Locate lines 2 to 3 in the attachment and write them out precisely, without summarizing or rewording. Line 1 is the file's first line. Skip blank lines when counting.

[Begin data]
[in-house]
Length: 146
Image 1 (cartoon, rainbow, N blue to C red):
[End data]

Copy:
Length: 146
Image 1 (cartoon, rainbow, N blue to C red):